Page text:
I had des- perately awaited this next tale – “Sodom and Gomorrah” – because I figured it would be chock full of deliciously bad depictions of sex and debauchery. No such luck. It, in fact, is one of the driest episodes in the entire 15-part series! Singer-actor Ed Ames plays Lot, a man who takes his people to a riverbank just outside the twin sin cities in question in order to establish a new home. Gene Barry (of Bat Masterson, 1958-1961, and Burke's Law, 1963-1966) is Abraham, whose settlement had proven to not have "enough grass" to support two tribes. (Make of that what you wish!)

Peter Mark Richman (Blake's faithful attorney on Dynasty from 1981- 1984) plays the king of the sordid cities, with Rick Jason (of Combat!, 1962-1967) as his right hand man/henchman. On the outside looking in is ubiquitous character actor David Opatoshu as a rival invader who wants to claim Sodom and Gomorrah as his own and is just waiting for the first good opportunity to do so.

What promises to be a hooty casting coup is (suddenly brunette!) Dorothy Malone as Lot's wife, but nothing comes of it. Malone won a Best Supporting Actress Oscar as a sexually voracious man-eating bitch in Written on the Wind (1956) and headlined the very first prime-time soap Peyton Place (1964-1968), but is relegated in this to just a couple of negligible scenes with precious little flavor to them. More like a pinch of salt! LOL

The very least I expect when we're dealing with Sodomites is a shadowy depiction of oily- looking men wearing kohl eyeliner sort of languidly hanging on one another in the background. No such luck here as the narrator focuses more on the criminal element, slavery and overall murderous corruption of the cities. I guess I ought to be glad that there isn't a heap of gay defamation involved, but instead I was mostly bored.

There is at least some decent Arizona scenery every once in a while, just like most of the rest of the miniseries. 

King Richman (in a fun crown) wants to absorb wide-eyed Ames and his tribe into his circle in order to glean 10% of his harvest as well as increase his manpower against a certain, eventual attack from  Opatoshu. 

Scar-faced Jason helps to some degree yet also strikes out on his own, to Richman's frustration. When Ames proves to be too successful as a farmer and begins to make more money that Richman or anyone else, he enlists two henchmen to head off to Ames' camp and slaughter him! They fail, which leads Ames to want to break off his heretofore reasonable relationship with Richman.

There's also a mostly un- explored subplot concerning Ames' daughters falling in love with two men of the city, but all four actors involved in this make little-to-no impact at all and are handed nothing to work with in any case.

We do find that Ames' wife Malone has begun to take a fancy to city life and is unhappy when Ames informs her that he doesn't want her coming into the area to shop and experience all the place's wonders.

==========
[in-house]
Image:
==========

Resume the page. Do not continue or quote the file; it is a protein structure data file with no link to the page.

Things get messy when Opatoshu decides to eliminate Richman during an outing in the hills, with Ames assisting Richman. In the end, Ames is captured by Opatoshu and held hostage for a lengthy period while the escaped Richman proceeds to move all the Hebrews, including Malone and her daughters, into the walled cities, where most of Ames' followers become corrupted. Barry ultimately comes to Ames' rescue.

Later, Barry gets a visit from two of God's angels. (There used to be three if you saw “Abraham's Sacrifice” but the very cutest one is now gone for some reason!) who inform him that the evil place is destined to be destroyed. He pleads that not every inhabitant should be slain until the angels decide to visit the place themselves to see if they can find even ten or twenty men worth saving.

When Ames sees these two white-clad innocents walking along the crime-ridden streets of Sodom & Gommorah, he implores them to come and stay at his home (now within the city.) Jason, however, begins to pound on the door to capture them. 
They use their powers to blind Jason and his guards! Special effects, y'all! 
The angels then lead Ames and Co. out of the city so that they can use their powers (this time flaming swords) to decimate it, but – as the story goes – one of the rescued party cannot resist looking back (against orders) at the destruction of the place and soon regrets it. Opatoshu doggedly pursues Richman through the catacombs of the city in order to avenge the death of his son, killed earlier by the evil monarch.

Practically all of the destruction scenes are lifted from a 1960s Italian peplum epic with just an occasional moment with actors from this project dodging some dust and styrofoam debris as hte camera shakes. It winds up being a bunch of slapped-together hogwash that is poorly matched up together. At least the fairly decent set for the catacombs is unique to this production.

“Jacob's Challenge” is the third story on this disc. Stephen Elliott is tribal leader Isaac who is the father of twin sons. The eldest by a few moments is Peter Fox (as Esau), who as such is entitled to both Elliott's birthright and his blessing. He is his father's favorite though his mother (June Lockhart) leans more towards the other son Jacob. Bruce Fairbairn is a member of a neighboring tribe with whom Elliott enjoys an uneasy alliance. (Fairbairn is the little-known replacement for Michael Ontkean on the last two seasons of The Rookies, 1974-1976, after Ontkean departed the show after two years.)